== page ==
What sells the most is your confidence when you talk about why you’re right for a position. You don’t have to have the confidence on the inside; just practice on showing it on the outside. Rehearse with your friends and family, practice during mock interviews at school, or even record yourself and watch the video to see how you can improve. Don’t be overly chatty; be thoughtful, even paced, and articulate. All it takes is some practice.

The biggest piece of advice I can offer is do not stretch the truth or misrepresent your skills. If you get the job, then you’re going to have to prove that you know what you said you know. So, be authentic.

5. Where do you see yourself in three years?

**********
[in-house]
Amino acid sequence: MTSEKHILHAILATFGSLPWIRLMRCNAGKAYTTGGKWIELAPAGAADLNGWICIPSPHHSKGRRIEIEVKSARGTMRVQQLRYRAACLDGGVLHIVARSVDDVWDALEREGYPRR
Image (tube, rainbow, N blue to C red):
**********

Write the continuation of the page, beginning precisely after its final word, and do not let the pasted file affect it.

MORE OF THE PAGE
This question is where you can talk about your career vision. Employers are looking to see if you have a realistic career pathway in mind. For example, if you’re applying for an entry-level customer support representative role, then a realistic pathway could be learning all that you can in year one and then, by year two or three, being promoted to a specialist role. If you see yourself as a leader, then year two or three could involve getting promoted to team lead where you’re in charge of training and then eventually moving on to management roles.

6. Do you have any questions for me?

Always have a few questions of your own as you wrap up the interview. This is the perfect moment to see if this company is a right fit for you and if it offers the type of work environment you’re looking for. You want to make sure that the company, the leader, and the team are aligned with your career goals.